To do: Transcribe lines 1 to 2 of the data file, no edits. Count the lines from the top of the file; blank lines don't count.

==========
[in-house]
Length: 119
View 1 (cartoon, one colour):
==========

[in-house]
Length: 119